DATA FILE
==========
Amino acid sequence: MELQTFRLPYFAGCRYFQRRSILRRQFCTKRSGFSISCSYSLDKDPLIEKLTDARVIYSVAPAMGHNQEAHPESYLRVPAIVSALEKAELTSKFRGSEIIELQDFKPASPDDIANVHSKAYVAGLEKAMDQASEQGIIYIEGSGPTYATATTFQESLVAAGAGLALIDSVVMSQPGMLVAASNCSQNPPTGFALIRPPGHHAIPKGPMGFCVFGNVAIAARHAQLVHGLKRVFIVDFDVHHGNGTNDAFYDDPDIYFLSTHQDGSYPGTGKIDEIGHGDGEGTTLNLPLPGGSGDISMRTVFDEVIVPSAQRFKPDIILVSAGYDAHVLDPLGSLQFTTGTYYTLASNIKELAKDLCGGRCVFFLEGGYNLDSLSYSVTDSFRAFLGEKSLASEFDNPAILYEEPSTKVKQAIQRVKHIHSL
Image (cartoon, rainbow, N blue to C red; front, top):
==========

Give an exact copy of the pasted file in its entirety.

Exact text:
Amino acid sequence: MELQTFRLPYFAGCRYFQRRSILRRQFCTKRSGFSISCSYSLDKDPLIEKLTDARVIYSVAPAMGHNQEAHPESYLRVPAIVSALEKAELTSKFRGSEIIELQDFKPASPDDIANVHSKAYVAGLEKAMDQASEQGIIYIEGSGPTYATATTFQESLVAAGAGLALIDSVVMSQPGMLVAASNCSQNPPTGFALIRPPGHHAIPKGPMGFCVFGNVAIAARHAQLVHGLKRVFIVDFDVHHGNGTNDAFYDDPDIYFLSTHQDGSYPGTGKIDEIGHGDGEGTTLNLPLPGGSGDISMRTVFDEVIVPSAQRFKPDIILVSAGYDAHVLDPLGSLQFTTGTYYTLASNIKELAKDLCGGRCVFFLEGGYNLDSLSYSVTDSFRAFLGEKSLASEFDNPAILYEEPSTKVKQAIQRVKHIHSL
Image (cartoon, rainbow, N blue to C red; front, top):